"If you want a friend in Washington, buy a dog," said President Harry S. Truman. Since the days of our first President, George Washington, presidential pets have been loyal friends and have captured the interest of the American public.
President Washington adored his pets. His favorite was his horse, Nelson. When General Cornwalis surrendered at Yorktown, Washington was riding Nelson.
Lewis and Clark sent Thomas Jefferson two bears from their expedition, but it was probably John Quincy Adams who had the most unique pet in presidential history. The Marquis de Lafayette cave has an alligator that is kept in a bathtub in the East Room.
President Lincoln likened to indulge his boys, Tad and Willie. He let them have as many pets as they wanted. Perhaps the most famous was Jack, the turkey. Jack was intended to be on the Thanksgiving Day menu, but Tad took a fancy to the bird and asked his father to spare the turkey. Lincoln did so, issuing a presidential reprieve to Jack, thus starting the traditional Thanksgiving Day turkey pardon.
The last cow at the White House was owned by President Taft. Pauline was a gift from a Wisconsin senator. Pauline the cow was a Holstein and frequently slept in a garage next to the cats. Pauline was good for a fresh glass of milk a day. After Taft left office, Pauline went back to Wisconsin.
President Wilson followed Taft into the White House. During his tenure, he employed a flock of sheep to graze on the White House lawn. This helped to keep the grass tame and was cost effective while World War I raged on.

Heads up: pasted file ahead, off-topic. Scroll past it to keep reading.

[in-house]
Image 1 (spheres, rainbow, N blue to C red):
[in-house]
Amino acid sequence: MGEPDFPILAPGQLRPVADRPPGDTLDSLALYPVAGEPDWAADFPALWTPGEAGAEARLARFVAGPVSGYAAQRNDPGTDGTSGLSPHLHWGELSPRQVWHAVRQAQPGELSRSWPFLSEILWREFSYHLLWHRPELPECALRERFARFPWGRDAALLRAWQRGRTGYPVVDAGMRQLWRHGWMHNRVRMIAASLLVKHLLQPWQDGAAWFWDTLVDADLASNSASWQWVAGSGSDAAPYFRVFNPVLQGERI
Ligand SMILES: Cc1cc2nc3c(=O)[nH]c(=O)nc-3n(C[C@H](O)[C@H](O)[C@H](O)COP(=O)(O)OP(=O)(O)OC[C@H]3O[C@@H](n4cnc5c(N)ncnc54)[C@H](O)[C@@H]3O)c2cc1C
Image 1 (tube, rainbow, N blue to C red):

During the 1960's when President Kennedy was in office, Soviet Premier Nikta Khrushchev presented Caroline Kennedy with a dog named "Pushinka." The dog was descended from "Strelka," one of the first dogs in space. Before Caroline could play with Pushinka though, the dog had to be checked for spy devices and hidden microphones.
President Lyndon Johnson made the cover of Life magazine with his beagles, Him and Her. He caused a scandal though when he was photographed holding Him by the ears.
More recently, President Reagan was known for his dog, "Lucky," and "Millie," belonged to Barbara and George HW Bush. Millie was voted "ugliest dog," by a prominent Washington magazine while she was in the White House, but she's most famous for her memoir, "Millie's Book: As Dictated to Barbara Bush." The book earned over one million dollars in royalties for Barbara's family literacy foundation.
Currently serving as first dog with George W. Bush is "Spot Fetcher," a puppy of Millie's.